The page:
Nostalgia, time give consumers an appetite for breakfast at dinner
There's something about a stack of syrupy pancakes served at suppertime that can transport diners right back to their childhoods.
But breakfast for dinner isn't just a special treat for kids anymore. From frittatas to crepes, gourmet French toast and new takes on beloved standards, home cooks are getting more creative when whipping up morning meals in the evening.
“I don't think people look at food as being breakfast, lunch or dinner any more,” says Gordon Sheffer, managing director, of Waffles, INCaffeinated, with locations in Beaver and the South Side. “We live in a 24-hour society. Now people eat breakfast any time if it tastes good.”
Sherree Goldstein, owner of Square Cafe in Regent Square and Uncle Charley's + Square Cafe Brunch Truck, says eating morning meals for dinner can carry a specific nostalgia factor for many diners.
“I think it came from generations ago when moms had nothing to cook, but said, ‘I have this pancake batter. I'll whip that up, and they'll love it,' ” she says. “Who doesn't love eggs and pancakes? It's so easy to cook and clean up.”
Jason Dalling, executive chef at Habitat at the Fairmont Pittsburgh, Downtown, says breakfast makes a great anytime meal because of its simplicity.
“It can be prepared much quicker,” Dalling says. “It's not an overly complicated meal. At the end of a busy day, it can be nice to dedicate more time to enjoying food versus the hard work of preparing a meal and cleaning up.”
Dalling's chicken and waffles, prepared with bacon, jalapeno, cilantro and smoked gouda, is a favorite among Habitat brunch patrons. At home, Dalling enjoys making a meal of whatever happens to be in his refrigerator — a loaf of day-old bread, charcuterie, cheese, even mashed potatoes mixed with eggs and sour cream can make for an enjoyable impromptu strata.
“It's comfort food that fits the bill for a complete dinner,” he says.
“Breakfast for dinner always feels special, like you're ‘cheating' at the normal dinner routine,” says Lindsay Landis, co-author with Taylor Hackbarth of “Breakfast for Dinner: Recipes for Frittata Florentine, Huevos Rancheros, Sunny-Side-Up Burgers, and More!” (Quirk Books, $19.95). They also run the blog loveandoliveoil.com.
“I grew up eating breakfast for dinner whenever my mom was working late or out of town,” Landis says. “Scrambled eggs was about the only thing my dad could cook, but let me just say, he rocked those eggs. So whenever Mom was out, it was scrambled eggs and tortillas for dinner, and my sister and I loved it. It's still one of my favorites to this day.”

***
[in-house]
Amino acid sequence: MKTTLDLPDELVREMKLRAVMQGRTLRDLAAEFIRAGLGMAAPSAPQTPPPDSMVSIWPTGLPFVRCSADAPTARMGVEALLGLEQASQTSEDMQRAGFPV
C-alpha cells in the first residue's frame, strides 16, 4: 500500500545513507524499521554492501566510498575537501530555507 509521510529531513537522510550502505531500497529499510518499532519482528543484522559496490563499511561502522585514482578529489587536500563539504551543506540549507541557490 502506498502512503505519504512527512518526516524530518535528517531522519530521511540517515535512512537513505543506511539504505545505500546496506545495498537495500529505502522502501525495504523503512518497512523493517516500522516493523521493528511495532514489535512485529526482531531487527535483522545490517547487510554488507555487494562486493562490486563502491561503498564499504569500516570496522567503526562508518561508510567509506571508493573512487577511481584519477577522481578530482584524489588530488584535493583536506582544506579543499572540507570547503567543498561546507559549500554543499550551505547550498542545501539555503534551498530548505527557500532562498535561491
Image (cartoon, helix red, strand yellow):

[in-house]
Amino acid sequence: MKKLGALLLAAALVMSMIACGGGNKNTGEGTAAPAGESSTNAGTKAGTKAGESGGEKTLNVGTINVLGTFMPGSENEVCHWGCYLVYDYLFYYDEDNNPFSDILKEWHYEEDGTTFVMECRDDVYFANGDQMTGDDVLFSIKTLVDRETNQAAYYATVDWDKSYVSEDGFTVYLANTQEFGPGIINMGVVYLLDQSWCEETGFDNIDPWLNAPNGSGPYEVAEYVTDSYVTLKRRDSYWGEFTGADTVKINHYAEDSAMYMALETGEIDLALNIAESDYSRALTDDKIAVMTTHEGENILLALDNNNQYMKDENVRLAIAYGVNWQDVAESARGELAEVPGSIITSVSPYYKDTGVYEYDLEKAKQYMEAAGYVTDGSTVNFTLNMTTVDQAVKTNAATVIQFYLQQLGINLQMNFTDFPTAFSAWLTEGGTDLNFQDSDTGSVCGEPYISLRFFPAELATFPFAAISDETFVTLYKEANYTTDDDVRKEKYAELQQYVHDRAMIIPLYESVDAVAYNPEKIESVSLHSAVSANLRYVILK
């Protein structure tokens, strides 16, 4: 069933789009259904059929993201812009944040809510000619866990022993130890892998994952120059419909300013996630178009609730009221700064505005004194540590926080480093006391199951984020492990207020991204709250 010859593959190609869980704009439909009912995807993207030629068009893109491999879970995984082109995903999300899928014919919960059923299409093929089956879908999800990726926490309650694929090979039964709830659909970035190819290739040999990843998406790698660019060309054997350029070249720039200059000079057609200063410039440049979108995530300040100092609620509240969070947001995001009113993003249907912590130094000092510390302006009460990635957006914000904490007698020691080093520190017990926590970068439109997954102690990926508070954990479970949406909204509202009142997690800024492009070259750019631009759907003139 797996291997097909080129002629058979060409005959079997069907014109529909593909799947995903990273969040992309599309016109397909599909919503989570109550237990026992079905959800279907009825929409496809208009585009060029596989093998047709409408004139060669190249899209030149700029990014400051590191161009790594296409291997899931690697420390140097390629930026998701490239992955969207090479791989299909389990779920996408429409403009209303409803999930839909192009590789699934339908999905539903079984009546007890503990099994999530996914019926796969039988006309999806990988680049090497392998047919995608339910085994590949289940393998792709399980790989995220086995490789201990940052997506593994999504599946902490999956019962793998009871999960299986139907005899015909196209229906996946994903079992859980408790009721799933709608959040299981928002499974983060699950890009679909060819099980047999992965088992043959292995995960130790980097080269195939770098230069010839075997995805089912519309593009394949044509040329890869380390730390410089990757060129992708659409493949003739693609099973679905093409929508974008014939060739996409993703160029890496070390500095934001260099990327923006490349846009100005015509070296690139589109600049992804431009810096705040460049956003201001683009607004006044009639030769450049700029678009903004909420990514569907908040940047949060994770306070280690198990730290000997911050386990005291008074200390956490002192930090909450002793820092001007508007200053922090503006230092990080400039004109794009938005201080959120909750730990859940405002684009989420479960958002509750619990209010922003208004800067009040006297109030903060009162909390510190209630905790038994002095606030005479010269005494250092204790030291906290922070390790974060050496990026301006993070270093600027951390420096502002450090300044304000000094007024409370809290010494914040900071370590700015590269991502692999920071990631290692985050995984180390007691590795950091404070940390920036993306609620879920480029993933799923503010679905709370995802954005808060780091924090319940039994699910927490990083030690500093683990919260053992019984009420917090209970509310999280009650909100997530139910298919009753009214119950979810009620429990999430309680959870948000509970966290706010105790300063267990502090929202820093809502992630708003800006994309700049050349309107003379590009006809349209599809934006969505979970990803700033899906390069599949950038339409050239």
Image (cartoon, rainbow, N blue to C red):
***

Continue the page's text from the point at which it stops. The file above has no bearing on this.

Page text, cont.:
Landis says serving breakfast for dinner can give home cooks an opportunity to be a little more inventive with dishes they've come to consider breakfast staples.
“We rarely have time in the mornings to get creative with breakfast, rushing around in our busy day-to-day lives. I mean, other than Sunday morning, of course,” she says. “But in the evening, the kitchen is ours for the taking. That's one of the reasons breakfast for dinner is so great, is it gives you an opportunity to use all these amazing breakfast-y ingredients when you have more time to give them the attention they deserve.”
And their popularity cannot be denied.
Though Goldstein's Square Cafe's hours are split evenly between breakfast and lunch, 70 percent of meals ordered each day are breakfast.
“People will eat omelets at 2:30 in the afternoon,” she says.
Goldstein suggests adding meats, like short ribs or chicken, to omelets for an evening update to the a.m. favorite. And don't be afraid to go beyond that bag of shredded cheese in the refrigerator. Goldstein suggests using Amish cheddar, goat cheese or feta.
Sheffer says breakfast meals such as Waffles, INCaffeinated's Benny dish, featuring two poached eggs nestled on top of a half-waffle with ham, fresh hollandaise sauce and crab meat, are filling, making them ideal to serve any time hunger hits.
Sheffer whips up the occasional omelet or batch of French toast for himself at dinner time. He encourages home cooks to use the meal as an opportunity for interesting food combinations. Try avocado and pico de gallo on an omelet instead of conventional standards, he suggests.
“People used to think of omelets as just cheese and ham,” he says. “There are so many things you can put into it.”
Rachel Weaver is a contributing writer for Trib Total Media.